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PSYC 1010
Rebecca Jubis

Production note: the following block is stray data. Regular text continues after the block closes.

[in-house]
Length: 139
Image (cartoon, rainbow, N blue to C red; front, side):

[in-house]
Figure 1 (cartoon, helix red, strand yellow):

HH PSYC 1010 REBECCA JUBIS PERSONALITY MODULE 40 PERSONALITY: a person’s characteristic pattern of thinking, feeling and acting PSYCHODYNAMIC THEORIES: view personality with a focus on the unconscious and the importance of childhood experiences FREE ASSOCIATION: in psychoanalysis, a method of exploring the unconscious in which the person relaxes and says whatever comes to mind, no matter how trivial or embarrassing PSYCHOANALYSIS: Freud’s theory of personality that attributes thoughts and actions to unconscious motives and conflicts; the techniques used in treating psychological disorders by seeking to expose and interpret unconscious tensions UNCONSCIOUS: according to Freud, a reservoir of mostly unacceptable thoughts, wishes, feelings, and memories. According to contemporary psychologists, information processing of which we are unaware  some thoughts stores were in a preconscious area  unacceptable passions and thoughts that we repress - without our awareness, these troublesome feelings and ideas would affect the work we choose, the beliefs we hold, our daily habits and our troubling symptoms - the content of a dream( manifest content) = unconscious wishes( latent content) ID: unconscious psychic energy that, according to Freud, strives to satisfy basic sexual and aggressive drives. The id operates on the pleasure principle demanding immediate gratification EGO: the largely conscious “executive” part of personality that, according to Freud, mediates among the demands of the id, superego, and reality. The ego operates on the reality principle satisfying the id’s desires in ways that will realistically bring pleasure rather than pain SUPEREGO: the part of personality that, according to Freud, represents internalized ideals and provides standards for judgment and for future aspirations PSYCHOSEXUAL STAGES: the childhood stages of development (oral, anal, phallic, latency, genital) during which the id’s pleasure-seeking energies focus on distinct erogenous zones FREUD’S PSYCHOSEXUAL STAGES: STAGE FOCUS Oral(0-18 months) Pleasure centers on the mouth- sucking, biting, chewing Anal(18-36 months) Pleasure focuses on bowel and bladder elimination; coping with demands for control Phallic(3-6 years) Pleasure zone is the genitals; coping with incestuous sexual feelings Latency(6 to puberty) A phase of dormant sexual feelings Genital(puberty on) Maturation of sexual interests OEDIPUS COMPLEX: according to Freud, a boy’s sexual desires towards his mother and feelings of jealousy and hatred for the rival father  electra complex IDENTIFICATION: the process by which according to Freud, children incorporate heir parents’ values into their developing superegos  gender identity FIXATION: according to Freud, a lingering focus of pleasure-seeking energies at an earlier psychosexual stage, in which conflicts were unresolved  orally overindulged/ deprived  passive dependence/ exaggerated denial SIX DEFENSE MECHANISMS: DEFENSE MECHANISM UNCONSCIOUS PROCESS EMPLOYED TO AVOID ANXIETY- AROUSING THOUGHTS OR FEELINGS Regression Retreating to a more infantile psychosexual stage, where some psychic energy remains fixated Reaction Formation Switching unacceptable impulses into opposites Projection Disguising one’s own threatening impulses by attributing them to others Rationalization Offering self-justifying explanations in place of the real, more threatening unconscious reasons for one’s actions Displacement Shifting sexual or aggressive impulses toward a more acceptable or less threatening object or person Denial Refusing to believe or even perceive painful realities DEFENSE MECHANISMS: in psychoanalytic theory, the ego’s protective methods of reducing anxiety by unconsciously distorting reality  function indirectly/ unconsciously REPRESSION: in psychoanalytic theory, the basic defense mechanism that banishes from consciousness anxiety- arousing thoughts, feelings, and memories - pioneer psychoanalysts called neo- Freudians accepted his basic ideas  id, ego & superego  unconscious  shaping of personality in childhood  dynamics of anxiety  defense mechanisms - Alfred Adler & Karen Horney believed that childhood was social, NOT sexual  Adler who proposed the inferiority complex – believed much of our behavior is driven by efforts to conquer childhood inferiority feelings that trigger our strivings for superiority and power  Horney said childhood anxiety triggers our desire for love and security. Women have weak superegos and suffer from “penis envy” - Carl Jung agreed that the unconscious exerts are a powerful influence  he believed we also have a collection unconscious – explains spiritual concerns that are deeply rooted and why people in different cultures share certain myths and images( e.g. mother as a symbol of nurturance) PROJECTIVE TESTS: a personality test. Such as the Rorschach, that provides ambiguous stimuli designed to trigger projection of one’s inner dynamics  RORSCHACH INKBLOT TEST: the most widely used protective test, a set of 10 inkblots designed by Hermann Rorschach; seeks to identify people’s inner feelings by analyzing their interpretations of the blots - Freud’s theory offers after-the-fact explanations of any characteristic, yet fails to predict such behaviors and traits  you cannot criticize Freudian theory for not making testable predictions - repression became a widely accepted concept used to explain hypnotic phenomena and psychological disorders  apparently lost and recovered memories of childhood traumas  prolonged stress in severely abused children might disrupt memory by damaging hippocampus BUT the reality is that high stress hormones enhance memory - to researches the unconscious involves:  the schemas that automatically control our perceptions and interpretations  the priming by stimuli to which we have not consciously attended  the right-hemisphere activity that enables the split-brain patient’s left hand to carry out an instruction the patient cannot verbalize  the implicit memories that operate without conscious recall, even among those with amnesia  the emotions that activate instantly, before conscious analysis  the self- concept and stereotypes that automatically and unconsciously influence how we process information about ourselves and others - the false consensus effect- the tendency to overestimate the extent to which others share our beliefs and behaviors TERROR- MANAGEMENT THEORY: a theory of death-related anxiety; explores people’s emotional and behavioral responses to reminders of their impending death MODULE 41 HUMANISTIC THEORIES: view personality with a focus on the potential for healthy personal growth - Maslow proposed that we are motivated by a hierarchy of needs  if our psychological needs are met, we become concerned with personal safety  if we achieve a sense of security, we then seek to love, to be loved and to love ourselves = self-esteem = self-actualization SELF-ACTUALIZATION: according to Maslow, one of the ultimate psychological needs that arises after basic physical and psychological needs are met and self-esteem is achieved; the motivation to fulfill one’s potential  self-aware and self- accepting, open and spontaneous, loving and caring and not paralyzed by others opinions  secure in the sense of who they were, interest were problem- centered rather than self- centered  focus energies on a specific task enjoyed one deep relationship rather than many superficial ones  been moved by spiritual or personal peak experiences - Rogers believed that people are basically good and are endowed with self- actualizing tendencies - Rogers believed that a growth-promoting climate required three conditions: 1) GENIUSENESS: when people are genuine, they are open with their own feelings, drop their facades, and are transparent and self- disclosing 2) ACCEPTANCE: when people are accepting they offer unconditional positive regard 3) EMPATHY: when people are empathetic, they share and mirror others’ feelings and reflect their meanings UNCONDITIONAL POSITIVE REGARD: according to Roger, an attitude of total acceptance toward another person SELF-CONCEPT: all our thoughts and feelings about ourselves, in answer to the question, “Who am I?” - when the ideal and the actual self are nearly alike, Rogers said the self-concept is positive - Critics believe that the humanistic perspective is:  Vague and subjective- if taken other heroes the definition of self- actualization would have been different  the individualism encourages by humanistic psychology leads to self- indulgence, selfishness and erosion of moral restraints humanistic psychologists believe that a secure, non-defensive self-accepting person is the first step towards loving others – exhibit less defensive attitudes  It is naïve- we may become apathetic (denial or despair) MODULE 42 TRAITS: a characteristic pattern of behaviour or a disposition to feel and act, as assessed by self-report inventories and peer reports  Allport was concerned with describing traits - By placing people on several trait dimensions simultaneously, psychologists can describe countless individual personality variations  The Myers-Briggs Type Indicator (MBTI) test - Two basic traits: 1) FACTOR ANALYSIS- a statistical procedure used to identify clusters of test items that tap basic components of a trait Two primary dimensions:  Extraversion- introversion  Stability-instability 2) BIOLOGY & PERSONALITY- our biology influences our personality; our genes have much to say about temperament and behavioral style that help define our pe